Mahoning County budget growing by $5.3M
YOUNGSTOWN — The Mahoning County commissioners on Thursday approved a 2022 budget that is about $5.3 million higher than this year’s.
The 2022 budget totals $72.5 million, compared with the 2021 budget of $67.2 million.
That figure includes both the general fund, which covers departments such as the county courts, commissioners’ and auditor’s offices; and the criminal justice fund, which covers the sheriff’s office, jail, county 911, prosecutor’s office and coroner’s office.
The budget includes an increase in the justice fund to $33.2 million, which is a substantial increase over 2021. The general fund is rising to $39.3 million, an increase of $2.3 million over 2021.
Audrey Tillis, county administrator, said after the meeting that sales tax revenues were higher this year than the commissioners expected, so the commissioners were able to authorize additional expenditures as the year progressed. They also allowed the county to increase wages.
“We made sure we covered all of the needs the departments had,” she said of this year and similar amounts of funding in 2022. “We put some things into contingency, and we will take care of those things with carryover” revenues, she said.
During a budget hearing last month, Sheriff Jerry Greene said the additional money the sheriff’s office would need to operate next year was partly because of the $6-per-hour increase in the starting wage for his employees that was approved. The increase was needed to stem the loss of deputies and jail employees to other agencies offering higher wages, he said.
That raise will cost $1.4 million in 2022 and will affect about a quarter of his employees (49 people). The sheriff’s office has increased its number of housing officers and deputies by nine people since the pay raise and expects more to be hired. The latest contract approved this year also increased wages for all other employees 2.75 percent for each of three years. Other employees include ranking officers and civilian employees such as secretaries.
Hospitalization went up $488,000 this year, and the cost to provide medical care to inmates also increased because of the difficulty in getting medical workers for the jail, Greene said.
“The cost of jail medical now for our jail facility has gone up. Essentially the same thing that has happened in law enforcement and other areas has also hit the medical field extremely hard, and it’s become difficult to find nurses and other medical staff for our jail.
“So our medical costs went up about $317,000. Probably about $200,000 of that is in wages and about $117,000 of that roughly was with the additional increase of an employee” to provide mental health care.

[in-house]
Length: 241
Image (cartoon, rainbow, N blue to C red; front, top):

“During COVID you have inmates that didn’t have visitation and all of that,” Greene said. “We certainly recognize that the mental health of inmates in our jail was an issue, and we felt it better for us and our liability for the county that we have additional mental health for everybody.”
REVENUE AND EXPENSES
The budgets the commissioners approved Thursday increase the sheriff’s budget by $2.2 million.
Greene said he thinks the sheriff’s office was one of the first law enforcement agencies in the area to raise wages for employees.
“We saw the trouble coming,” he said. “We basically had to put a tourniquet on the bleeding at the sheriff’s office of losing employees when we were unable to replace them, whether it was to different jobs or the types of jobs they were doing. Pay had everything to do with it.” The starting wage is now $23 per hour.
He said increases in revenue brought into the sheriff’s office offset the $1.9 million increase in the justice fund budget.
The most recent contract with the U.S. Marshal’s Service to house federal detainees in the county jail generates $3.2 million per year more than in the earlier contract. The new contract is for $5.8 million. The old contract paid the county $2.6 million.
The sheriff’s office also switched to a new phone system. In 2019, the sheriff’s office earned “royalties” of about $250,000 from calls made by inmates. The sheriff’s office is projected to take in $800,000 this year, an increase of $550,000 in revenues.
“But what also comes with this and what we have added are the tablets (computers). They have programs on those. There is all kinds of different programs to take part in, plus it does keep the inmates busy,” Greene said.
He added that a “pass through” agreement the sheriff’s office signed with the U.S. Marshal’s Service to facilitate federal inmates remaining at the private prison in Youngstown, the Northeast Ohio Correctional Center, generates about $690,000 per year in revenue for the sheriff’s office.
Any of the additional revenues left over “are going into criminal justice fund if times get a little tougher for us. Then we will be able to offset those costs.”
The sheriff’s office lost some revenue in the sheriff’s sales because of foreclosures being curtailed during COVID-19, and staff handling sheriff sales were moved into other jobs, but it’s a small loss in revenue compared to the revenue increases, Greene said.
He said he expects overtime costs to drop because of the additional staffing. “We were so short staffed, we got to the point where people were being forced overtime multiple days of the week. They had to sign up for forced overtime,” Greene said.